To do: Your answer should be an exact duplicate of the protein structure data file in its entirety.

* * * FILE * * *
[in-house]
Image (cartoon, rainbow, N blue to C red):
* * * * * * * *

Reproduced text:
[in-house]
Image (cartoon, rainbow, N blue to C red):